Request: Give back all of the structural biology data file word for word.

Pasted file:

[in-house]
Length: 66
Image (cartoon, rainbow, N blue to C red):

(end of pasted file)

[in-house]
Length: 66
Image (cartoon, rainbow, N blue to C red):